Tony Snow: Blessings arrive in unexpected packages.

CW_tony snow.jpg
Click here to listen to our latest daily podcast of “The Kindlings Muse”. “The Kindlings Muse” rekindling our spiritual, intellectual and creative potential.”

Check out Dick Staub’s new bookThe Culturally Savvy Christian.

Tony Snow: Blessings arrive in unexpected packages.

Yesterday (7/11/08) 53 year-old Tony Snow died after a courageous and unusually inspirational battle with cancer.

The following is an excerpt from a personal essay written by Tony Snow, President Bush’s Press Secretary, that speaks of his fight with cancer. Commentator and broadcaster Tony Snow announced that he had colon cancer in 2005.

Following surgery and chemo-therapy, Snow joined the Bush Administration in April 2006 as press secretary. On March 23, 2007, Snow, a husband and father of three, announced the cancer had recurred, with tumors found in his abdomen,- leading to surgery in April, followed by more chemotherapy. Snow went back to work in the White House Briefing Room on May 30, but has resigned since, “for economic reasons,” and to pursue ” other interests

“Blessings arrive in unexpected packages, – in my case, cancer.

Those of us with potentially fatal diseases – and there are millions in America today – find ourselves in the odd position of coping with our mortality while trying to fathom God’s will.

Although it would be the height of presumption to declare with confidence “What It All Means,” Scripture provides powerful hints and consolations.

The first is that we shouldn’t spend too much time trying to answer the “why” questions: Why me? Why must people suffer? Why can’t someone else get sick? We can’t answer such things, and the questions themselves often are designed more to express our anguish than to solicit an answer.I don’t know why I have cancer, and I don’t much care. It is what it is, a plain and indisputable fact. Yet even while staring into a mirror darkly, great and stunning truths begin to take shape. Our maladies define a central feature of our existence: We are fallen. We are imperfect. Our bodies give out. But despite this, – or because of it, – God offers the possibility of salvation and grace. We don’t know how the narrative of our lives will end, but we get to choose how to use the interval between now and the moment we meet our Creator face-to-face.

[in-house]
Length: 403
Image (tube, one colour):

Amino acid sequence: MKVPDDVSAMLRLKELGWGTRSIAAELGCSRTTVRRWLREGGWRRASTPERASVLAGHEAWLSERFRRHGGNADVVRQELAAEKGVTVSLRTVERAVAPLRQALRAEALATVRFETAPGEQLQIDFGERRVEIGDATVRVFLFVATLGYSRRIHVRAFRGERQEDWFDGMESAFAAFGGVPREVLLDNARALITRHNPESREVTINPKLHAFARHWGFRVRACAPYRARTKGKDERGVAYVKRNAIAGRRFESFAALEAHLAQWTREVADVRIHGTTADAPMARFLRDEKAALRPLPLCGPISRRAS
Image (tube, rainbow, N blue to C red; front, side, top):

Read the rest of this piece at Christianity Today online.

Also take the time to read Bill Kristol’s editorial in the NYT . He mentions Tony’s love of Scripture and C.S. Lewis: “Tony once spoke at a dinner for journalists held in conjunction with the National Prayer Breakfast in Washington. Cal Thomas reported on Tony’s remarks: “After his first cancer surgery, Snow said, he had to stay in bed and he began reading the Bible more, ¢â‚¬Ëœlearning to pray’ and to ask God to ¢â‚¬Ëœdraw me closer, please, [which] develops a hunger that is also a form of joy.’ ” As this last sentence hints, Tony was an avid reader of C. S. Lewis.”

Yours for the pursuit of God in the company of friends, Dick Staub.

PS. And remember, “these are the best of times and the worst of times, but they are the only times we have.” (For Now).

PS 2. If you haven’t yet done so, register for our daily updates. You won’t regret it!

  • Register for CW

  • PS 3.

    If you have comments regarding this column please contact us at:

  • CultureWatch:

  • This web site is supported solely by tax-deductible donations. Please mail your generous contributions to: The Center for Faith and Culture, PO Box 77385, Seattle, Washington 98177

    ‚©CRS Communications 2008

    Posted in Staublog in July 12, 2008 by | No Comments »

    Leave a Reply

    Your email address will not be published. Required fields are marked *

    − 3 = 3

    More from Staublog